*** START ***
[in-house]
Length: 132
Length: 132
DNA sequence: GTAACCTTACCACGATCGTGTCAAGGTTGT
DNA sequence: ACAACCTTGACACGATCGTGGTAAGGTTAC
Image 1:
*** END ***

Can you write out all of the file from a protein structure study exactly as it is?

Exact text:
[in-house]
Length: 132
Length: 132
DNA sequence: GTAACCTTACCACGATCGTGTCAAGGTTGT
DNA sequence: ACAACCTTGACACGATCGTGGTAAGGTTAC
Image 1: